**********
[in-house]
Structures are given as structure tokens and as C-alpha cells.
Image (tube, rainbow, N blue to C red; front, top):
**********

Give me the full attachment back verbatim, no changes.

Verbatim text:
[in-house]
Structures are given as structure tokens and as C-alpha cells.
Image (tube, rainbow, N blue to C red; front, top):